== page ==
Mexico City’s planned new mega-airport smells of ditchwater. Not in a bad way, mind. Reports earlier this month carried the announcement from the country’s president that the country’s biggest airport, Benito Juarez, is to be replaced as it can’t be expanded much further to accommodate passenger growth. The project underlines yet again how other countries are using different solutions to the UK to create new airport capacity.
Who is this in charge of deciding precisely how the airport (incidentally designed by Lord Foster, whose firm did visualisations of the now-abortive Thames estuary airport) will be delivered and paid for? Step forward Federico Patiño, finance director of the state-owned Mexico City Airport Group as well as head of Mexico’s national infrastructure fund Fonadin. The ditchwater smell comes from the last mega project in the Mexico City area Patiño worked on – the US$820 million Atotonilco wastewater treatment plant (I interviewed him about it for this report last year). Under construction since 2011 using public funding and public and private finance, it’s the costliest infrastructure project yet in Mexico – but still, the airport could be a challenge for Patiño, as it will cost over ten times more.
The total projected cost of the new airport, he tells us, is 169 billion pesos (US$12.8 billion) – that includes non-airport works but his company will have to pay for those too. The presidential website boasts that the finance raised “will not constitute public debt”. This is curious, given that the company in charge of financing and delivering the new airport is the current Mexico City airport operator, which is state-owned. How can it be?
Basically and uncharitably, it’s a bit of a fudge, slightly similar to the UK’s Network Rail (except that really is public debt now). The airport company is at arm’s length from government and, blissfully free of the European Union’s ESA 95 rules, the government doesn’t count its debt as public sector. This loophole was previously exploited in 2005 when the airport company raised US$400 million to build a second passenger terminal from a syndicate of Mexican and Spanish banks plus Citi. It was done through project finance – a sort of public-public rather than public-private partnership, because the equity investor was the public sector. Revenues from the second terminal were securitised to repay the loan.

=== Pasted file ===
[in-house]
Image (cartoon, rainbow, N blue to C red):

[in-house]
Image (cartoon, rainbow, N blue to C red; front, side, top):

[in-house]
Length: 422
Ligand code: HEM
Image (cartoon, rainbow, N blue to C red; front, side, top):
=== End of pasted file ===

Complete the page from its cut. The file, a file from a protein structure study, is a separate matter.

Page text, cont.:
Now, reading between the lines, they want to do it again. The presidential website talks of interest from private banks to finance the project, although Patiño says public funding will cover over half the costs.
This sort of makes sense if the government in question is really restricted in its ability to raise finance on the international markets. But for Mexico, a country with considerable petrodollars flowing into state coffers from the nationalised oil company, it seems a dubious way of disguising public debt and incurring a higher cost of financing to do so. There can be no doubt that if the airport delivery ran into difficulties, the government would be obliged to fix the project from its own resources – and that those private banks would want their money back, in full, with interest.
So, what are the lessons for the UK and its ongoing airport expansion saga? The Mexico city project looks more feasible than both Heathrow expansion and a new Thames estuary airport, aka Boris Island (but I already told you why the latter’s never going to happen). This is because the Mexican state already owns the land for the airport, saving on the high land acquisition costs in London, and also because the cost of infrastructure is a helluva lot cheaper over there.
Also, the dodgy off-balance sheet treatment means they can raise money with an implicit/explicit state guarantee, and leverage the current airport’s balance sheet (as if the borrower was just the airport, without the state standing behind it) at the same time – having their cake and eating it. This doesn’t look exactly like either Heathrow expansion or Boris Island, but the one it looks more like is Heathrow expansion, because that involves an existing airport.